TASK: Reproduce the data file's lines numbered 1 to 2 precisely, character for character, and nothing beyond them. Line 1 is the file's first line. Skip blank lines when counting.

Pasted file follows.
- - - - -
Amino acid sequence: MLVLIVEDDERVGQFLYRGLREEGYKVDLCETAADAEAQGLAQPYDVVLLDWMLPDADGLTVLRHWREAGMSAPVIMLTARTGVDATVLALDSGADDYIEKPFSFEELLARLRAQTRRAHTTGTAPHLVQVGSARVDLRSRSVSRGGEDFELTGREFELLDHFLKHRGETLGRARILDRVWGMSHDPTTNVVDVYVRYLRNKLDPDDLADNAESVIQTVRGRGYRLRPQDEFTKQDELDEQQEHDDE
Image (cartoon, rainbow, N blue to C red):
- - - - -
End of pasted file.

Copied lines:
Amino acid sequence: MLVLIVEDDERVGQFLYRGLREEGYKVDLCETAADAEAQGLAQPYDVVLLDWMLPDADGLTVLRHWREAGMSAPVIMLTARTGVDATVLALDSGADDYIEKPFSFEELLARLRAQTRRAHTTGTAPHLVQVGSARVDLRSRSVSRGGEDFELTGREFELLDHFLKHRGETLGRARILDRVWGMSHDPTTNVVDVYVRYLRNKLDPDDLADNAESVIQTVRGRGYRLRPQDEFTKQDELDEQQEHDDE
Image (cartoon, rainbow, N blue to C red):